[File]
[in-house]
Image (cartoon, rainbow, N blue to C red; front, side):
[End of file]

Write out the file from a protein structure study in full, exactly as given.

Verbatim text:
[in-house]
Image (cartoon, rainbow, N blue to C red; front, side):